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1. "Why should I deny myself the satisfaction I must feel in saying of him here, what of such a man I could say everywhere, with equal justice and equal triumph? The friendship of this excellent person, believe me, readers, will ever be ranked by me among the sweetest consolations, and the proudest ornaments of my life?" Dr. PARR'S Works 3, 285.

2. "The esteem, the affection, the reverence, which I feel for so profound a scholar, and so honest a man, as Dr." (PARR) "make me wholly indifferent to the praise and censure of those, who vilify, without reading, his writings, or read them without finding some incentive to study, some proficiency in knowledge, or some improvement in virtue." Dr. PARK'S Preface to the Two Tracts of a Warburtonian p. 196.

3. "But you owe to me some recompence for the heavy disappointment I have experienced from the delay of the publication of Wray; and that recompence is, though it should produce more delay, that you should confer upon my ambition the honour of accompanying Dr. PARR in the same volume. I will bribe you, if I can; though I have been imprudent enough to think our friendship ensured your coincidence in all my wishes, that are ingenuous-and I think, if I know myself, the ambition, to which I allude, is that of being accredited as an admirer of Genius and Virtue. My wish to accompany Dr. PARR, and you may tell him so, arises from the enthusiasm, which I entertain for his powerful intellect, for his classical taste, for his depth of learning, and for his eloquence." Mr. JUSTICE HARDINGE'S Memoirs of Dr. SNEYD DAVIES p. 263. 4. "And now, Sir, I am upon this great subject of writing lives, let me also give my opinion, which is, that, if the lives of great and good men were wrote by their most intimate friends, that were persons of unblemished reputation, that would not write their own fancies and inventions for truth, but would take on them the fatigue of searching of books, papers, and letters, which concerns the person, whose life they intend to write, and report matters of fact faithfully, it would be a very useful and acceptable work; for examples of heroick piety and virtue, are more pleasant and prevalent with mankind than just precepts and commands." A Letter from MOSES PITT to the Author of a Book intituled Some Discourses upon Dr. BURNET, (now Lord Bishop of Salisbury,) and Dr. TILLOTSON, (late Lord Archbishop of Canterbury,) 'occasioned by the late Funeral Sermon of the former upon the latter. Lond. 1695. 4to. p. 21.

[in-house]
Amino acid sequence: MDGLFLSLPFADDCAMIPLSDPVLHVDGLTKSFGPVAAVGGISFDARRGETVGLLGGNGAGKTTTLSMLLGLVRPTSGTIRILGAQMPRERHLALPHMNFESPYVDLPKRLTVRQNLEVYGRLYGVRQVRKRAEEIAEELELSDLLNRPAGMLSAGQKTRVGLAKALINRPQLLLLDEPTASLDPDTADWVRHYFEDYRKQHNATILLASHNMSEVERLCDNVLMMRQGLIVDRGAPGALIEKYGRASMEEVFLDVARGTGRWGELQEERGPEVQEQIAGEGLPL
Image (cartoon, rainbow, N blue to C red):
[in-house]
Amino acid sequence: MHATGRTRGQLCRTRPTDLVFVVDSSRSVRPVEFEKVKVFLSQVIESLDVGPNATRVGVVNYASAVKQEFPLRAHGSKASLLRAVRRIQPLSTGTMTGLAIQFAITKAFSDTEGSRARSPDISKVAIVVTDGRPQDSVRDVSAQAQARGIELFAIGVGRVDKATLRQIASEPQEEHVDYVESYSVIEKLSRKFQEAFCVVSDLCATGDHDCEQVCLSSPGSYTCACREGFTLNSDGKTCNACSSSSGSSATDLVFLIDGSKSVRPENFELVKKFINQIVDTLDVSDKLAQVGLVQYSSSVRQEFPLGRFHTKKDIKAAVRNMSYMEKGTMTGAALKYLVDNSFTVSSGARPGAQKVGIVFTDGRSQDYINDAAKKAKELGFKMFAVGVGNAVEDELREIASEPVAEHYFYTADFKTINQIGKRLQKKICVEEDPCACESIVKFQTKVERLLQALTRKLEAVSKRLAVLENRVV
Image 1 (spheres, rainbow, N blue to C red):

5. "The conversations of scholars have been collected in ages of literature. That they have not been formed with that care, and that selection they merited, has been the only cause of their having fallen into disrepute. With such substitutes we are enabled, in no ordinary degree, to realize the society of those, who are no more; and to become more real contemporaries with thegreat men of another age, than were even their contemporaries themselves. Are we not all desirous of joining the society of eminent men? It is a wish of even the illiterate. But the sensibility of genius shrinks tremblingly from the contact of the vulgar, and the arrogance of learning will not descend to their level. They prefer a contemplative silence, rather than incur the chance of being insulted by their admiration. Few, therefore, can be admitted to their conversations. Yet, when a man of genius displays conversible talents, his conversations are frequently more animated, more versatile, and, I must add, more genuine than his compositions. Such literary conversations may be compared to waters, which flow from their source; but literary writings resemble more frequently an ornamented fountain, whose waters are forced to elevate themselves in artificial irregularities, and sparkling tortuosities. These collections are productive of utility. A man of letters learns from a little conversation, which has been fortuitously preserved,- a casual hint, which was gathered, as it fell, and an observation, which its author might never have an occasion to insert in his works, numberless mysteries in the art of literary composition, and those minute circumstances, which familiarize us to the genius of one, whom we admire, and whom sometimes we aspire to imitate." A Dissertation on Anecdotes, by the Author of Curiosities of Literature, Lond. 1793. 8vo. p. 50.

ADDENDA,

Respecting Warburton, Hurd, and Parr.

Bishop Bennet thus addresses Dr. Parr, Emmanuel College, Febr. 15, 1789.:-" I have bought your book with eagerness, examined it with attention, and shall bind it with elegance; and though I have received so many personal favours from Dr. HURD, that I shall ever, as a man, esteem and respect him, yet as a writer, his sneers have ever displeased me, and I am not sorry to see them attacked. Let me add, however, that he seems to think poorly of them himself by the neglect he has shewn to them, which is a sort of virtual retraction," the publication of his Correspondence with WARBURTON under his own imprimatur proves that he had never virtually retracted them, the sin of sneering was habitual, and he lived and died in the sin,]" and ought in part to have disarmed the severity of your censure. I will first tell you what I think wrong: I doubt if the offence given to you by Hurd could justify your attack. I know you will tell me,

'When sense or virtue an affront endures,

Th' affront is mine, my friend, and should be yours;'